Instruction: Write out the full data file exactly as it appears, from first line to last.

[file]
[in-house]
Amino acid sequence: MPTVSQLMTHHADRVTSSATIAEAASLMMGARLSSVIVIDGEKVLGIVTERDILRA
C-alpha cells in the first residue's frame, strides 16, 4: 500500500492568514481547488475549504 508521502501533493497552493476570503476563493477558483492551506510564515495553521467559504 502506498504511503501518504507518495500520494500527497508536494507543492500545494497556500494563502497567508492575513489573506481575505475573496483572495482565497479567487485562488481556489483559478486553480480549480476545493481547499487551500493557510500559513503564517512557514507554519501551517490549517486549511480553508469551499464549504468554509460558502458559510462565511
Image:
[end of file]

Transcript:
[in-house]
Amino acid sequence: MPTVSQLMTHHADRVTSSATIAEAASLMMGARLSSVIVIDGEKVLGIVTERDILRA
C-alpha cells in the first residue's frame, strides 16, 4: 500500500492568514481547488475549504 508521502501533493497552493476570503476563493477558483492551506510564515495553521467559504 502506498504511503501518504507518495500520494500527497508536494507543492500545494497556500494563502497567508492575513489573506481575505475573496483572495482565497479567487485562488481556489483559478486553480480549480476545493481547499487551500493557510500559513503564517512557514507554519501551517490549517486549511480553508469551499464549504468554509460558502458559510462565511
Image: